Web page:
Japanese Justice Revisited

Crime and Punishment in Japan: A Holistic Perspective

Society Politics

Japan's criminal justice system has become the target of international criticism since the arrest, detention, and flight of former Nissan executive Carlos Ghosn. While acknowledging the need for targeted reform, the author calls for a holistic understanding of the system in the context of Japanese culture and society.

The Japanese criminal justice system has come under harsh scrutiny in the wake of the November 2018 arrest of Carlos Ghosn, former chairman of Nissan. Many outside of Japan were shocked to learn about a system in which suspects and defendants can be held for months and subjected to endless interrogation until they confess. The Ghosn case trained a spotlight on this “hostage justice” system.

Ghosn is scarcely a poster child for the wrongly accused. My purpose here, however, is neither to condemn nor defend his behavior but to use his case, and the criticism it has generated, as the springboard for a more holistic assessment of the Japanese criminal justice system—including its merits as well as its flaws—with a focus on underlying attitudes toward crime and punishment.

Criminal Procedure and the Ghosn Case

Let us begin with an overview of Japanese criminal procedure as viewed through the lens of the Ghosn case.

On November 19, 2018, Carlos Ghosn, then chairman of Nissan, was arrested at Tokyo’s Haneda Airport on suspicion of financial irregularities. On December 10, the Tokyo District Public Prosecutors Office charged him with underreporting his income in violation of the Financial Instruments and Exchange Act. Rearrested twice, Ghosn was not released on bail until March 6, 2019. He was arrested a fourth time on April 4 and freed on bail on April 25 under highly restrictive terms. On December 30, 2019, Ghosn absconded, fleeing to Lebanon in violation of his bail conditions.

Under Japan’s Code of Criminal Procedure, police have 48 hours after an arrest to transfer the case to the public prosecutor. The prosecutor then has up to 24 hours to either charge the suspect or apply to a judge for a further 10 days of detention. Subsequently, another 10-day extension may be granted. Altogether, a suspect may be held in this way, without charges, for a maximum of 23 days subsequent to arrest. This in itself is not highly unusual; other countries have pre-charge custody periods ranging between 16 and 30 days.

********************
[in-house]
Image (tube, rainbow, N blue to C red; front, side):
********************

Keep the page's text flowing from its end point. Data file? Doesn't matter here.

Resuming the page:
The big problem is that prosecutors in Japan can easily evade this limit by rearresting the suspect on different allegations before the 23 days are up. In some cases, they will arrest a person over and over by breaking a single case down into multiple offenses. This is exactly what happened to Ghosn, who was arrested four times in all. During the long detention, suspects are often subjected to hours of grilling (although recent reforms have helped rein in harsh interrogation techniques). Also problematic from the standpoint of international norms is the fact that defense lawyers are not allowed to be present during the interrogation process.

Ghosn and his lawyers have loudly decried this system and justified his flight on the grounds that he could never have gotten a fair trial in Japan, citing Japanese prosecutors’ 99.9% conviction rate. (Others have suggested that Ghosn was motivated primarily by a desire to avoid civil litigation, inasmuch as his criminal trial would doubtless have resulted in a suspended sentence.)

A 99.9% conviction rate is difficult to justify. My aim here is not to defend it but to place it in the context of a system that, on the whole, has worked quite well for Japan.

Japan’s Curious Criminal Courts

Westerners tend to view criminal court as a setting for the adjudication of conflicting claims regarding a defendant’s guilt or innocence. In Japan, however, it rarely functions that way. In about 70% of the cases that come to trial, the defendant has already confessed to all charges. Following the prosecutor’s opening statement, the defending attorney immediately acknowledges the defendant’s guilt. The defense then places on the stand a series of witnesses who testify to the defendant’s remorse in order to receive a lenient sentence. The goal, in most cases, is to secure a guilty verdict with a suspended sentence, and this is frequently the outcome.

In the remaining 30% of criminal trials, the defense is usually arguing that the charges are too severe—for example, that the defendant is guilty of manslaughter but not murder. Rarely will a defense attorney stand up in a Japanese court of law and assert the defendant’s innocence.